The Real Big Mac

The Mackinac (pronounced Mackinaw) Bridge is a very special bridge for a lot of reasons so it made sense for me to use it for Jake’s Sunday Post for this week. I talked about how important it is from the perspective of people living in the Upper Peninsulas of Michigan in an earlier post you can find here. It is a beautiful bridge that is situated in a beautiful setting, spanning the Straits of Mackinac that connects the very large fresh-water bodies of Lake Michigan and Lake Huron. It feels like a jewel sparkling in the rural and sometimes rugged beauty of northern Michigan.

Lake Michigan 025

When it was finished in 1957 it was the longest suspension bridge in the world. Now the Akashi Kaikyo Bridge in Japan (built in 1998) is the longest with a total suspension of 12,826 feet. The Great Belt Bridge in Halsskov-Sprogoe, Denmark (built in 1998) is the second longest with a total suspension of 8,921 feet. The Mackinac Bridge is the longest suspension bridge in the western hemisphere, having a suspension of 8,614 feet. The total length of the Mackinac Bridge is 26,372 feet or 5 miles.

A northern Michigan newspaper reported in early 1884 that the experiment to provide all-year service across the Straits by boat had failed, and a bridge or tunnel would be required if there were to be travel between the peninsulas. Ideas were proposed in the ensuing years, including a floating tunnel. In 1923 the Michigan legislature ordered the State Highway Department to establish a ferry service at the Straits. Within five years traffic on this facility became so heavy that the governor ordered a study of bridge feasibility. This was a huge undertaking because of the depth of the water, the strong current, and the harsh winter conditions. It would be expensive. Interest was renewed several times in the ensuring years until work was finally begun in spring of 1954. The bridge was designed by the great engineer Dr. David B. Steinman. It opened to traffic on November 1, 1957 according to schedule, despite the many hazards of marine construction over the turbulent Straits of Mackinac.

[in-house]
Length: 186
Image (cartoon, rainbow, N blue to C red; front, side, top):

Pudding Stone 010

The engineering of this bridge is mind-boggling (not surprising seeing I marvel at all engineering). All suspension bridges are designed to move to accommodate wind, change in temperature, and weight. It is possible that the deck of the Big Mac at center span could move as much as 35 feet (east or west) due to severe wind conditions. The deck does not swing or “sway” but rather moves slowly in one direction based on the force and direction of the wind. After the wind subsides, the weight of the vehicles crossing will slowly move it back into center position. As I said, this is one amazing bridge.

Information for this post came from the Michigan Department of Transportation website, where you can obtain more interesting facts about the bridge and see more pictures. http://www.mackinacbridge.org/about-the-bridge-8/

To see more photos of bridges, click on this link: http://jakesprinters.wordpress.com/2013/06/23/sunday-post-bridge/